Egyptian-American activist expresses fears of Salafis, Brotherhood

The Muslim Brotherhood and Salafis represent a danger to the revolution, said Egyptian-American activist Saad Eddin Ibrahim, founder of the Ibn Khaldun Center for Development Studies in Cairo.

At a forum on Saturday in Alexandria called "Towards a New Middle East," Ibrahim said he fears the Brotherhood and Salafis will "steal the revolution," citing what happened after the Iranian revolution. Ibrahim said Iran's 1979 revolution was co-opted by Ayatollah Khomeini only 10 months later.

Ibrahim said there's still a chance Egypt's 25 January revolution could fail to bring about its desired results. He added that Salafis and the Brotherhood pose the gravest danger, saying the Brotherhood joined the protests in Tahrir Square only after they had already been going on for four days.

He said Salafis have suddenly imposed themselves on the political scene and started objecting to the decisions of the government.

He expressed fears that holding parliamentary elections at the scheduled time, in light of the current lack of organizations for the revolutionary youth, will likely bring the Brotherhood to power.

Ibrahim described the revolution as the first popular uprising to be carried out by middle-class youth to defend freedom rather than to protest financial conditions.

He said the revolution had a strong impact even on the US government, which he says asked him to explain how the protests broke out.

He added that US President Barack Obama's administration was not sure whether to lend its support to former President Hosni Mubarak or the revolution. Secretary of State Hillary Clinton first backed the regime, which, he said, was a major mistake only rectified when Obama called on Mubarak to leave after the latter's second speech.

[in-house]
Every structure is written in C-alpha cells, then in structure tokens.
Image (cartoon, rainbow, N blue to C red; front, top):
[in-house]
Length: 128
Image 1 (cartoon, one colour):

He said he expects Arab revolutions to continue until a new Middle East is created, adding that the Arab world is witnessing a fourth wave of democracy.

Ibrahim, a prominent Egyptian dissident, signed a petition in 2010 supporting a presidential run by Gamal Mubarak, the 47-year-old son of the president. Ibrahim said he had signed the petition – issued by the Popular Coalition in Support of a Gamal Mubarak Candidacy  – “because every Egyptian has the right to run for elections that are free, fair and under international and local supervision.”

He added that a presidential bid by Gamal would not amount to the "inheritance" of the presidency, as has been claimed by younger Mubarak detractors.

This step came in contradiction to a series of articles he wrote in 2000 to warn of power inheritance in Arab countries, following the rise of Gamal in Egyptian political life.

Ibrahim left for the US after his release from prison in 2003. He was imprisoned for tarnishing the reputation of Egypt, charges of which he was later acquitted by the Court of Cassation. He returned to Egypt in August 2010.

Translated from the Arabic Edition

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